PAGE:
MARK LAWSON:
Natasha, we should explain that the thin lady never sings in this. It doesn't dramatise Diana.

NATASHA WALTER:
No, indeed.

MARK LAWSON:
Although, as Ian says, there is this quite bizarre scene, out of keeping with the rest of it to some extent, where a prostitute is hired who looks like Princess Diana and the yuppie does things with her?

NATASHA WALTER:
Yes. I thought that was maybe the bit that worked the least well. Well, there's one other vignette where an obsessive commits suicide or that's what you're lead to believe. It's these very kind of extreme vignettes which really don't work. They're not knitted in enough to the rest of the opera, but I agree with Ian that it kind of comes into its own somewhat.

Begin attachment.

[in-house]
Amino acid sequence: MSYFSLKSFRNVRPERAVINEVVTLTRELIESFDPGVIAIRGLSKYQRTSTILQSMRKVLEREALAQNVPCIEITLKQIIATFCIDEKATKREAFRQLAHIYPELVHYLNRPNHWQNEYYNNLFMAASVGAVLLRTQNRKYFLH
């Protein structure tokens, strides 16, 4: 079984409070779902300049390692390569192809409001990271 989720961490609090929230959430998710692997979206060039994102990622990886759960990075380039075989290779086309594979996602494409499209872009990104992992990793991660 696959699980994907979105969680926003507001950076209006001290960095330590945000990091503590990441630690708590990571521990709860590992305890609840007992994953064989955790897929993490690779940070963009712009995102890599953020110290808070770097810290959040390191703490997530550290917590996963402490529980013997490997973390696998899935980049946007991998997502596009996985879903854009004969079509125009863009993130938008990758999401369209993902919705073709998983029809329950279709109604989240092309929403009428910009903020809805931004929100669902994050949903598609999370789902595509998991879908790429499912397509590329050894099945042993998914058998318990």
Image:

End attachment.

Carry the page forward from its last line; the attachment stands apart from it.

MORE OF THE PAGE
I felt that by the end, it did capture something of the atmosphere that there was around the funeral, which was incredibly heightened emotion, and people sort of picking up bits and bobs of myths and trying to really work themselves up into a fever pitch about the image of Diana.

So I thought in some ways it did work, but I think there were a lot of problems with it. I think there was often this terrible mismatch between the visuals and the vocals. When you have somebody sort of spreading butter on bread and they're pouring out this voice that could have filled an auditorium, I mean it's this very strange mismatch.

Sometimes the lyrics are just absurdly banal and sometimes the music does descend also into this kind of repetitive banality that doesn't work that well. But again, I agree with you, I think the hybrid form, a television opera is something that's very interesting.